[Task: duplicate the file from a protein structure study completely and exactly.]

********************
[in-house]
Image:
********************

[in-house]
Image: